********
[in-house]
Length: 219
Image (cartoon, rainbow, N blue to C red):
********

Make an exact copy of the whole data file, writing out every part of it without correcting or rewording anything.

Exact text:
[in-house]
Length: 219
Image (cartoon, rainbow, N blue to C red):